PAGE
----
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python-biopython  1.60
__init__.py
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00001 #!/usr/bin/env python
00002 #
00003 #      Restriction Analysis Libraries.
00004 #      Copyright (C) 2004. Frederic Sohm.
00005 #
00006 # This code is part of the Biopython distribution and governed by its
00007 # license.  Please see the LICENSE file that should have been included
00008 # as part of this package.
00009 #
00010 """
00011 Usage:
00012 =====
00013 
00014     >>> from Rana.fts import fts    # 
00015     >>> from Rana.Vector import *   # Just a way to get a sequence.
00016     >>> from Bio.Seq import Seq     # Use your prefer method here.
00017     >>> pbr = fts(pBR322)           #
00018     >>> seq = Seq(str(pbr))         #
00019     >>>
00020     >>> from Bio.Restriction import *
00021     >>> a = Analysis(AllEnzymes, seq, linear=False)
00022     >>> b = a.blunt()
00023     >>> a.print_that()              # no argument -> print all the results
00024     AasI       :  2169, 2582.
00025     AatII      :  4289.
00026     Acc16I     :  263, 1359, 1457, 3589.
00027     ...
00028         More enzymes here.
00029     ...
00030     >>> b = a.without_site()
00031     >>> a.print_that(b, '', '\n Enzymes which do not cut pBR322.\n\n')
00032 
00033      Enzymes which do not cut pBR322.
00034 
00035     AarI      AatI      Acc65I    AcsI      AcvI      AdeI      AflII     AgeI      
00036     AhlI      AleI      AloI      ApaI      ApoI      AscI      AsiAI     AsiSI     
00037     Asp718I   AspA2I    AsuII     AvaIII    AvrII     AxyI      BaeI      BbrPI     
00038     BbvCI     BclI      BcuI      BfrBI     BfrI      BglII     BlnI      BlpI      
00039     BmgBI     BmgI      BplI      Bpu1102I  Bpu14I    BsaXI     Bse21I    BsePI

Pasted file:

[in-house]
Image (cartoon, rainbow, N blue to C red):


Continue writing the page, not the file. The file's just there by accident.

00040     BseRI     BshTI     BsiWI     Bsp119I   Bsp120I   Bsp1407I  Bsp1720I  Bsp19I    
00041     BspT104I  BspTI     BsrGI     BssHI     BssHII    Bst98I    BstAUI    BstBI     
00042     BstEII    BstPI     BstSNI    BstXI     Bsu36I    BtrI      CciNI     CelII     
00043     Cfr42I    Cfr9I     CpoI      Csp45I    CspAI     CspCI     CspI      DraIII    
00044     DrdII     Ecl136II  Eco105I   Eco147I   Eco72I    Eco81I    Eco91I    EcoICRI   
00045     EcoO65I   EcoRI     EcoT22I   EspI      FalI      FbaI      FseI      FunII     
00046     HpaI      KpnI      Ksp22I    KspAI     KspI      MabI      MfeI      MluI      
00047     Mph1103I  MspCI     MssI      MunI      NcoI      NotI      NsiI      NspV      
00048     OliI      PacI      PaeR7I    PasI      PauI      PceI      Pfl23II   PinAI     
00049     PmaCI     PmeI      PmlI      Ppu10I    PsiI      Psp124BI  PspAI     PspCI     
00050     PspEI     PspLI     PspOMI    PspXI     PsrI      RleAI     Rsr2I     RsrII     
00051     SacI      SacII     SanDI     SauI      SbfI      SciI      SdaI      SexAI     
00052     SfiI      Sfr274I   Sfr303I   SfuI      SgfI      SgrBI     SlaI      SmaI      
00053     SmiI      SnaBI     SpeI      SplI      SrfI      Sse232I   Sse8387I  Sse8647I  
00054     SseBI     SspBI     SstI      StuI      SunI      SwaI      TliI      UthSI     
00055     Vha464I   XapI      XbaI      XcmI      XhoI      XmaCI     XmaI      XmaJI     
00056     Zsp2I     
00057 
00058     >>>
00059     """
00060